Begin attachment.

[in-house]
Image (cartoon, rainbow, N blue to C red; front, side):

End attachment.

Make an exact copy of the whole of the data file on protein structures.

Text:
[in-house]
Image (cartoon, rainbow, N blue to C red; front, side):